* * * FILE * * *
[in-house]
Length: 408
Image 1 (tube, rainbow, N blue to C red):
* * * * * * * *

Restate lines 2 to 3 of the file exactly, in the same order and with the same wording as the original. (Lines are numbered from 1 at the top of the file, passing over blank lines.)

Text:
Length: 408
Image 1 (tube, rainbow, N blue to C red):